Hurricane Dorian, a strong Category 4 storm as of 11 AM September 2nd, is still expected to approach the Carolinas by the middle of this week. That's according to the Wilmington office of the National Weather Service.
While NWS forecasters say Dorian should exit the area Thursday night, there is a great deal of uncertainty around her speed and track.
The National Hurricane Center reports the risk of life-threatening storm surge and hurricane-force winds continues to increase for coastal North and South Carolina.
From the National Weather Service:
Immediate concerns for southeastern North Carolina include:
Ongoing minor coastal flooding with each high tide
Strong rip currents and worsening surf/maritime conditions tonight through the week.
Concerns developing this week include:
Increasing potential for flooding rain, storm surge, damaging winds and possibly tornadoes, especially developing during Wed and persisting through Thu
Uncertainty exists with the long term track of the storm as any minor adjustment could significant adjust the level of impact the area experiences
HOW TO PREPARE:
Make a plan.
Think about how you will talk and connect with your family after an emergency. You need to plan for different ways to get in touch with family members as decided by the type of emergency. Fill out a contact card for each family member to keep with them. This card can go in a purse, wallet or backpack.
Check with your children’s school or daycare to learn more about their emergency plans.
Identify an out-of-state contact, since it may be easier to make long-distance calls during an emergency. That person can help keep track of all family members. Be sure everyone knows the contact name and numbers.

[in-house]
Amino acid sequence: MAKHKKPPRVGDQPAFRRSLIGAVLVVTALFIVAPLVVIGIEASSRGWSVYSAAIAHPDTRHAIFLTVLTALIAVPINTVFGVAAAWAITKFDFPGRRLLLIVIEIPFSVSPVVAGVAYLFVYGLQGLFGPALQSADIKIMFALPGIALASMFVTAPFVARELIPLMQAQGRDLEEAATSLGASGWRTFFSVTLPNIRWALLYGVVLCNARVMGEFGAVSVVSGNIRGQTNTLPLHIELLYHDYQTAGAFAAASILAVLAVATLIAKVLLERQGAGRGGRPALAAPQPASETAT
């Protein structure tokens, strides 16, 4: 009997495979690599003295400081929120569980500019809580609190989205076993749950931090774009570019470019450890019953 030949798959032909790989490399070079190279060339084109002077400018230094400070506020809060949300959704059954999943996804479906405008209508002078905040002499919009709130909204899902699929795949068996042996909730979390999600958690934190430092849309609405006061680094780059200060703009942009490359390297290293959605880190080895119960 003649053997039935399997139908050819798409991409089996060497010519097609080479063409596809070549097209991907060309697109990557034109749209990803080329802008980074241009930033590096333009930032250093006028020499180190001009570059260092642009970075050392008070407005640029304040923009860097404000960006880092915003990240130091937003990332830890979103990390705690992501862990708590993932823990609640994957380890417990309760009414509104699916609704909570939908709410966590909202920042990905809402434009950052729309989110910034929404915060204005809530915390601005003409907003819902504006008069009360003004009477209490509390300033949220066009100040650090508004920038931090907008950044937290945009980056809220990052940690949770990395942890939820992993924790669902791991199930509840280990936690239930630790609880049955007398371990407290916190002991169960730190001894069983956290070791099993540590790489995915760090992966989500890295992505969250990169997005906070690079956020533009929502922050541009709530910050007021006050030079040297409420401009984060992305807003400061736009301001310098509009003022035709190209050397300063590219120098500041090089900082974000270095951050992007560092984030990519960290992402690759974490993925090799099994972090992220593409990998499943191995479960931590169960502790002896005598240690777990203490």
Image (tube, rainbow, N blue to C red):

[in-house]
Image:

Have an “In Case of Emergency” contact listed in your cell phone. Emergency personnel will often check ICE listings to get in touch with someone you know.
Build your emergency kit:
An emergency supplies kit is simply a group of items your family may need in or after an emergency. You most likely have the items around the house. You just need to put them together in a box.
- Water - 1 gallon per person per day for 3 to 7 days
- Food – non-perishable and canned food supply for 3 to 7 days
- Battery-powered or hand crank radio and National oceanic and Atmospheric Administration (NOAA) Weather Radio with extra batteries
- Cell phone with charger
- First aid kit and first aid book
- Flashlight and extra batteries
- Manual can opener for food
- Anti-bacterial hand wipes or gel
- Wrench or pliers to turn off water
- Blanket or sleeping bag – 1 per person
- Prescription medications and glasses
- Seasonal change of clothing, including sturdy shoes
- Toothbrush, toothpaste, soap, feminine supplies
- Extra house and car keys
- Important documents – insurance policies, copy of driver’s license, Social Security card, bank account records
- Fire extinguisher
- Cash and change
- Books, games or cards
Protect Your Home:
Protect Your Home
Take time before an emergency happens to protect your home. Learn what the dangers for your area are. Know what steps you need to take to protect your property. For example, if you are in a coastal area that is likely to be in the path of a hurricane or nor’easter, you may want to have storm shutters or plywood to board up windows.
Be sure you have proper insurance and copies of insurance papers in a safe, waterproof container.
Learn where and how to turn off services (gas, power and water) should you need to do so.
Planning ahead can help protect your property and peace of mind.